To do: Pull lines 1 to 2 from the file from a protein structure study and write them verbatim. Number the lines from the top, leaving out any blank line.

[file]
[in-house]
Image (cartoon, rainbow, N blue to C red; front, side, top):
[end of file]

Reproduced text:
[in-house]
Image (cartoon, rainbow, N blue to C red; front, side, top):